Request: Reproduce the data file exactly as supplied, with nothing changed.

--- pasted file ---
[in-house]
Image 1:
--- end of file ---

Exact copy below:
[in-house]
Image 1: